fitness · sleep

Can leaving the light or TV on at night make you gain weight? Shining light on the subject

This week in JAMA Internal Medicine, researchers published an article analyzing the relationship between artificial light at night (which they call ALAN– hi, Alan!) and increased risk of weight gain among women (they used a large cohort of women for the study). They say that exposure to ALAN does increase the risk of weight gain, and “further prospective and interventional studies could help elucidate this association and clarify whether reducing exposure to ALAN can promote obesity prevention.”

In other words:

As you can imagine (or even saw), the popular press was all over this.

What should we make of this? Before reading the study (yes, I read through the original, so you don’t have to), I thought, “of course they’ll find an association between ALAN and weight gain. Light exposure disturbs and disrupts sleep, reduces quality and duration, etc. We know all this can contribute to weight gain.”

But, it turns out that their results are (as usual, in science) really complicated. Here are some of the complex results:

  • The association between ALAN and increased risk of weight gain was stronger for women with lower BMIs (< 25 and <30) than women with higher BMIs (>30);
  • The association between ALAN and increased risk of weight gain was stronger for women who ate healthier diets and for women with increased leisure-time physical activity;
  • Women who slept with no light in the room, who ate a less healthy diet and/or who did less leisure-time physical activity had increased risk for weight gain;

So women who weighed less or who ate more so-called healthy diets or who were more physically active were more at risk for weight gain from light sources while sleeping than those who weighed more, ate less so-called healthy diets, or who were less physically active. Could this be because the added factor of light pales, as it were, in comparison to other potential factors? Reading the details did not shed much light for me here. The researchers also didn’t offer an explanation.

Here’s a less surprising result from the article:

Women with greater exposure to ALAN had higher mean BMI… and were more likely to be non-Hispanic black. They were less likely to have consistent waking and bedtime patterns and more likely to have less sleep, take a longer time to fall asleep, wake up at night, and take naps. They also used less sleep medication.

How we sleep and how we eat are related in a bunch of ways. How we sleep and how our bodies respond are also related in a bunch of ways, which include socio-economic, geographic and other external features outside of individual eating and activity behaviors. Women who sleep less, have less control over their sleep schedules, have regular sleep disruption, but don’t take sleep medication are bound to experience increased stress and other behavioral effects. And we know that black women, according to many sources, are more likely to sleep less and also suffer from sleep disorders (like sleep apnea), even controlling for BMI.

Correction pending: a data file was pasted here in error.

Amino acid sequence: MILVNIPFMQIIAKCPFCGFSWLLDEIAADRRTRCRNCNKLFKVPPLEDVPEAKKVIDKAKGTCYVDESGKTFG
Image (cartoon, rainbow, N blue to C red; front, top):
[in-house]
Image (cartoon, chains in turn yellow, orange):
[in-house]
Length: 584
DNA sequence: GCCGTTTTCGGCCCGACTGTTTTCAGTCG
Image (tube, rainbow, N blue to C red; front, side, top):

The researchers know this, too, and admitted as much (although they focused on individual factors rather than the social determinants of health, which I think diminishes their analysis):

We were unable to disentangle the temporal relationship between exposure to ALAN and other factors, including unhealthy diet, sedentary lifestyle, stress, and other sleep characteristics. Thus, we cannot exclude the possibility that the association between ALAN and obesity is not causal, despite multivariable adjustment and various sensitivity analyses.

So no, ALAN is not good for us (sorry, Alan!). But the reasons why we sleep with light vary a lot, depending on the constraints and realities of our lives. We may have control over some of these factors, and no control at all over others.

My main takeaway is this: sleeping in darkness is a necessity, but for many of us it’s a luxury we can’t have as often as we might need it. Here’s to blissful darkness for everyone.

Readers, do you sleep in darkness? Do you use a sleep mask? I do. Do you want light in your room when you sleep? Do you have to deal with light sources that you’d rather not? Do light sources provide comfort or company? I’m curious about what your habits are.

5 thoughts on “Can leaving the light or TV on at night make you gain weight? Shining light on the subject

  1. “Unable to disintangle,” etc, etc. Well, at least the researchers acknowledged it’s messy, I guess!
    I suppose a conclusion along the lines of “body size is once again shown to be a complicated issue, related to many factors, often a reflection of your privilege in a particular society, and difficult to assess on the individual level,” might make it hard to justify further study.

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  2. I really, really, really want to sleep with a mask on. (Although I gave my lavender scented one to my niece when we were in iceland). But I just FIGHT it. This may be my most important health resolution EVER.

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    1. I’ve gotten so I can’t sleep without one. It’s become comforting to have that pressure on my eyes, or maybe another part of my “going to sleep” ritual that signals to my body that it’s time to relax and fall asleep.

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  3. No sleeping mask.

    Yes, I like sleeping in dark/lights out completely in a rm. And that’s how I sleep best. It can be a problem in the summer when the sun rises early and natural light is flooding bedroom even with blinds drawn down.

    Hopefully when the media hubbub dies down over the medical study, that people will at least recognize the importance of long uninterrupted sleep at night.

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